MOSCOW (Reuters) - Russia's oil production is forecast to remain stable until 2025, its Deputy Energy Minister Pavel Sorokin said, while Moscow plans reserves in order to make its supplies more resilient.
Russia has decided to cut its crude oil output by 500,000 barrels per day (bpd) until the end of the year in order to prop up the price of oil, a key contributor to its budget revenues.
Russian oil production has proved resilient in the face of Western sanctions, defying forecasts of a steep decline.
"According to current forecasts, oil production will be at a stable level until 2025," Sorokin was quoted as saying by Neftegazovaya vertikal magazine.
Last month, JP Morgan said Russia would be able to maintain its oil output at pre-Ukraine conflict levels due to steady demand from China and India, but it might struggle to reroute some of its oil product exports away from Europe.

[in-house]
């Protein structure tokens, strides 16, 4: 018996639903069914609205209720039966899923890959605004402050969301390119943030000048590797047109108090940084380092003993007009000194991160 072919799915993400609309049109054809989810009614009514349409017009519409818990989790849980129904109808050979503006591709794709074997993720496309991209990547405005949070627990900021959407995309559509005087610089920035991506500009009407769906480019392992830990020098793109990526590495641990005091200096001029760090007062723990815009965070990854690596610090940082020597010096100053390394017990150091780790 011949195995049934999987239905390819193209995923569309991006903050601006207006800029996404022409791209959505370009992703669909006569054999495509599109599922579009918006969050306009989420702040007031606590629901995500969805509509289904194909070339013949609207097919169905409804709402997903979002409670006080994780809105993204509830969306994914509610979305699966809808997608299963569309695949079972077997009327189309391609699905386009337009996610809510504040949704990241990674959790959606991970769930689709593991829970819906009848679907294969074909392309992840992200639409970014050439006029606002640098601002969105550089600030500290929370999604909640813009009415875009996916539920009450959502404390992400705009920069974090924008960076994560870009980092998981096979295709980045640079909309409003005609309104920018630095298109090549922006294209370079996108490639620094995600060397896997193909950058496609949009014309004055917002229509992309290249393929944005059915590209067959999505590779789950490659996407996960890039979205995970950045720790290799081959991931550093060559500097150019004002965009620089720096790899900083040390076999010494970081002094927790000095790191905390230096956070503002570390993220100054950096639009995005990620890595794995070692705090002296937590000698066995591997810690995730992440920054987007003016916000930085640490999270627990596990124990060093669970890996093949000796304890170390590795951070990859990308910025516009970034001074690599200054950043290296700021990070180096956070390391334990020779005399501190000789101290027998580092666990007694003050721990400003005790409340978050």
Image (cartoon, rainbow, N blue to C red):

Russia has so far managed to reroute oil exports from Europe to India, China and Turkey, which snapped up cheap barrels despite the Group of Seven's $60 price cap on Russian crude.
Speaking about plans to set up oil storage, Sorokin said there are various projects under discussion.
He said such reserves would increase flexibility of supply, "taking into account the current situation in international markets, high volatility in demand and oil prices".
Russia does not currently have large oil storage, which would give it more flexibility in production and exports.
Last year, a Russian official said that construction of storage facilities of no less than 100 million tonnes, or more than 700 million barrels, may take up to four years.
(Reporting by Vladimir Soldatkin; Editing by Alexander Smith)